PROVO — It's not quite as simple as plugging your laptop into a can of soda, but a team of BYU researchers is hoping to give the world a sweeter, cheaper source of power through the abundant glucose molecule.
"We're always searching for better sources of electrical power," said Dean Wheeler, a chemical engineering professor in BYU's Fulton College of Engineering and Technology. "We've been saying for 20 years that fuel cells were just around the corner. But it's a very tough challenge to get the cost down."
Normal hydrogen fuel cells — like little batteries with gas tanks — require costly platinum in order to convert the hydrogen into electrical energy.
So, Wheeler and recently retired chemistry professor Gerald Watt began experimenting with two cheaper, easier-to-obtain sources: glucose and a common herbicide.
The professors and their student team tapped into the energy produced in plants by the sun during photosynthesis by reacting the glucose with common weed killer as the catalyst.
The reaction broke electrons from the glucose molecule, which were transferred by the herbicide to an electrode, resulting in electrical energy, according to the group's paper, which came out in the October issue of the Journal of The Electrochemical Society.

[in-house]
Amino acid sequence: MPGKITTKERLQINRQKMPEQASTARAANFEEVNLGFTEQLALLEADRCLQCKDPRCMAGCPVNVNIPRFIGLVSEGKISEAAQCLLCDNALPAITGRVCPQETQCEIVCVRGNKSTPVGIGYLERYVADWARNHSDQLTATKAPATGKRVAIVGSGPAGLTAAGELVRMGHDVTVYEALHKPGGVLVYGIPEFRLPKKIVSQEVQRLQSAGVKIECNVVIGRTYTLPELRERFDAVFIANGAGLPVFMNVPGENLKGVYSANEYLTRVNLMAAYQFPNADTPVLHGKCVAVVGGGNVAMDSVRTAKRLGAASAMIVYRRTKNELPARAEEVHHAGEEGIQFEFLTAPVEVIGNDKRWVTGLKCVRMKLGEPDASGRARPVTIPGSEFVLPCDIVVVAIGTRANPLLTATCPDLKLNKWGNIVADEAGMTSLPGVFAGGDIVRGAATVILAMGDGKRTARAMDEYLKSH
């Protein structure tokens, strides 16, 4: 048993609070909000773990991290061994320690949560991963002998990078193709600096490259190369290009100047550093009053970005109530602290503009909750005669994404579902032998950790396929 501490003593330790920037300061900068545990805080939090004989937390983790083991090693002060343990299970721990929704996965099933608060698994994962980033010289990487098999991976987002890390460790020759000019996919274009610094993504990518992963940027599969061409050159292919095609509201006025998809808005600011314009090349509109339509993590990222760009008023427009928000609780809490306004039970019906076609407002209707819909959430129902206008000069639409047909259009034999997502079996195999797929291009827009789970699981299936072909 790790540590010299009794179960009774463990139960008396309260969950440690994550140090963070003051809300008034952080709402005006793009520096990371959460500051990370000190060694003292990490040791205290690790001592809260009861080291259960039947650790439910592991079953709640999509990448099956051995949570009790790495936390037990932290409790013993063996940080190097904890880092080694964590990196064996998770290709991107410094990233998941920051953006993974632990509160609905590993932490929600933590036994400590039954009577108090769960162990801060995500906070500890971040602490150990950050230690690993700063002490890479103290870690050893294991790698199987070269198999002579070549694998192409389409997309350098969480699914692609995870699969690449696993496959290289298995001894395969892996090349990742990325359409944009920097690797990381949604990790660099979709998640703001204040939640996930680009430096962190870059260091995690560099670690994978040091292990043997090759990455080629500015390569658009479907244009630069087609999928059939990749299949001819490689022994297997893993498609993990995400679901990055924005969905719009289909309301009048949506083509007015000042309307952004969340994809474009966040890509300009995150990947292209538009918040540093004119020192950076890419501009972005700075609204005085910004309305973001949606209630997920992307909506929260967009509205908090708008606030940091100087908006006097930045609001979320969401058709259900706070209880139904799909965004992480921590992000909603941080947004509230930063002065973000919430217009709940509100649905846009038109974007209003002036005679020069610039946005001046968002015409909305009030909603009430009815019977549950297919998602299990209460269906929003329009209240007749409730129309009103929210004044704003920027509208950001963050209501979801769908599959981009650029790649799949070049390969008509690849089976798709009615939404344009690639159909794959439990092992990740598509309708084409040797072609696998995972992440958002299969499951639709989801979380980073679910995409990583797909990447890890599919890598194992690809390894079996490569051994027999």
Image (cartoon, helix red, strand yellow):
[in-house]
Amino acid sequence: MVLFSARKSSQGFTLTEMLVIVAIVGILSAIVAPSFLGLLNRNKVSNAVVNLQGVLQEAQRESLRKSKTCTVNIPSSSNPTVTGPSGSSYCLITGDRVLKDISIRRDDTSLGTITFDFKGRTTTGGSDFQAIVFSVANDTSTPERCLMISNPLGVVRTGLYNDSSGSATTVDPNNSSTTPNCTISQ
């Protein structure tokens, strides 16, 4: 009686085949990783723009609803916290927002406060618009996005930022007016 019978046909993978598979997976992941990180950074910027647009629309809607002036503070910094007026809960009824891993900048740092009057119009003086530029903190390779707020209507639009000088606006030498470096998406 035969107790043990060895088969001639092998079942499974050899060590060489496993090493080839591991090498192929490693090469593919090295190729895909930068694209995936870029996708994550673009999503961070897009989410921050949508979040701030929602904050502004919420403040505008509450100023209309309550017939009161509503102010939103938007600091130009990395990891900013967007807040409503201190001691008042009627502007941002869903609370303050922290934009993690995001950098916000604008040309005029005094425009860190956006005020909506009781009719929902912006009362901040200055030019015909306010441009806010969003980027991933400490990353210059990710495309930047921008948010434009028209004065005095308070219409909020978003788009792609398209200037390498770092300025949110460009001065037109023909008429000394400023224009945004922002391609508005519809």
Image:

Not only is it a clean energy source, with byproducts of water and carbon dioxide, but glucose is everywhere, Watt said.
Although it's a long way down the road, Watt envisions cities with factories devoted to extracting energy from tons of grass clippings and cardboard boxes that are rich in cellulose, or strings of glucose molecules.
"It's going to take a lot to get there, but I think we've started down that path," Watt said. "This has been a long-term goal to utilize glucose as a power source and I think we've made a good inroad."
The project is still in lab-size dimensions right now, meaning the sugar cell can't power much more than an LED light, Wheeler says. However, once they perfect the technology, they could tackle the demand for power from things like cell phones, laptops, household appliances or, maybe someday, cars.
Wheeler said he sees this technology benefiting Third World countries where installing a power grid would be out of the question, but the villagers could use a few pieces of fruit or plant waste to power a computer or lights.
"It's exciting that (this research is) getting recognized," said Joe Nichols, a senior in chemical engineering who worked on the project. "It shows there's a lot of potential for bio fuels and plant matter. It may not be THE answer, but it is one tool that we're going to have ... to generate energy."
The focus now is making the fuel cell more effective, so it uses more than seven of the 24 available electrons. Then there's the issue of power density, which is how much power can be pulled out of a certain size of fuel cell.
"You wouldn't want to have a fuel cell as big as a fridge just to power your laptop," Wheeler said. "Even if it was really efficient, it's not practical if it is too big."
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